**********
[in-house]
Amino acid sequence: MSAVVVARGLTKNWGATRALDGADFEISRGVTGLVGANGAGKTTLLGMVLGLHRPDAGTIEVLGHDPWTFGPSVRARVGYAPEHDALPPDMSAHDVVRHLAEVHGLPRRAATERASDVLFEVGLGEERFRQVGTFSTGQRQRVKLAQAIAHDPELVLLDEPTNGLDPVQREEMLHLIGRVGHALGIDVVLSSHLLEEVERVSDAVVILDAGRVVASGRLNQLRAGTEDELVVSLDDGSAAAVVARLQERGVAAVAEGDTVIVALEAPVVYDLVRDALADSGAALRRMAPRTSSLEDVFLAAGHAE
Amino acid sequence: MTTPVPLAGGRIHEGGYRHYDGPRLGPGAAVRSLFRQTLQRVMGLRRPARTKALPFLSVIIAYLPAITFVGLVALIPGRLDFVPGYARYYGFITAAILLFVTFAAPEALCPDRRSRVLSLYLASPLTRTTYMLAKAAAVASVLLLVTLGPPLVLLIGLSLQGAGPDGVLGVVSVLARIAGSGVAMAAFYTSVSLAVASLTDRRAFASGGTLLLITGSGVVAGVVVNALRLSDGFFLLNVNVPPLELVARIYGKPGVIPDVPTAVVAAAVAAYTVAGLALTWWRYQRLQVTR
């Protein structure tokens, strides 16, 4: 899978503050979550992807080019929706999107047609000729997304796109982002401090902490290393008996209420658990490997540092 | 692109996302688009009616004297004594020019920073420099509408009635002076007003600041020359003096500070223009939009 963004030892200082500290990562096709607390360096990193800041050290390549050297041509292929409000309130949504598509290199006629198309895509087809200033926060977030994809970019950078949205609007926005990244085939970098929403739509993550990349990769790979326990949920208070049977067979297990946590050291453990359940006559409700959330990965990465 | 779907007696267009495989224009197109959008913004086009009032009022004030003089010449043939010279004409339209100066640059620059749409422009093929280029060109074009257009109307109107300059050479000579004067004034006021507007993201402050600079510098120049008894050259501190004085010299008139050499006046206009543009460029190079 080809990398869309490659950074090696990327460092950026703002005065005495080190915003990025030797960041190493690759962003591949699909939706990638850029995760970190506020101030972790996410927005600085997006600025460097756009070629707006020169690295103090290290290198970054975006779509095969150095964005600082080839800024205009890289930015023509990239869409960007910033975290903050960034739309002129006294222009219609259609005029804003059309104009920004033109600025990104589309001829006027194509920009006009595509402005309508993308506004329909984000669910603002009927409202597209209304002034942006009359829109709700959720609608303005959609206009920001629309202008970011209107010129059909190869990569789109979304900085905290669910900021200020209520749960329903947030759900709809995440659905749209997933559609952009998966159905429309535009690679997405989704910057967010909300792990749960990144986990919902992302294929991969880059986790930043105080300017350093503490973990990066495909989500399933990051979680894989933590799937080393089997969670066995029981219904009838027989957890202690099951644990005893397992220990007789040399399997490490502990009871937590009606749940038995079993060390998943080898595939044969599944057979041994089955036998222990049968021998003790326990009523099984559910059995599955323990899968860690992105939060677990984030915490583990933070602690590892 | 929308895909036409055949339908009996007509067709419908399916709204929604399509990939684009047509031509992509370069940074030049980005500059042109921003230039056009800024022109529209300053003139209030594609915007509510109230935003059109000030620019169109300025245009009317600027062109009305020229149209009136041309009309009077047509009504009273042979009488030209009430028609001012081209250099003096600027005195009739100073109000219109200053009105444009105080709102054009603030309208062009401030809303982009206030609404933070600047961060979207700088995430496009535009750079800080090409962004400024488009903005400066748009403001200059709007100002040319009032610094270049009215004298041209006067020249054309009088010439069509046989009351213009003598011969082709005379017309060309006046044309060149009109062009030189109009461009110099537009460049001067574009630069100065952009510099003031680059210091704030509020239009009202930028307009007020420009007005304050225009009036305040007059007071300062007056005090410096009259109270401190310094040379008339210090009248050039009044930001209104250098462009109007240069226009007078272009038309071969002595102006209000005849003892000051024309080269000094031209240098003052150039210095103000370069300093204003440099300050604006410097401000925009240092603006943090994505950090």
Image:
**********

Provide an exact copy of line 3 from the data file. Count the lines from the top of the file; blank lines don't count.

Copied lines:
Amino acid sequence: MTTPVPLAGGRIHEGGYRHYDGPRLGPGAAVRSLFRQTLQRVMGLRRPARTKALPFLSVIIAYLPAITFVGLVALIPGRLDFVPGYARYYGFITAAILLFVTFAAPEALCPDRRSRVLSLYLASPLTRTTYMLAKAAAVASVLLLVTLGPPLVLLIGLSLQGAGPDGVLGVVSVLARIAGSGVAMAAFYTSVSLAVASLTDRRAFASGGTLLLITGSGVVAGVVVNALRLSDGFFLLNVNVPPLELVARIYGKPGVIPDVPTAVVAAAVAAYTVAGLALTWWRYQRLQVTR